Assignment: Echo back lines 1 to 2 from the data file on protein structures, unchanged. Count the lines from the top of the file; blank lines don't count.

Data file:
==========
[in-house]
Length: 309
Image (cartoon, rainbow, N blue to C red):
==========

[in-house]
Length: 309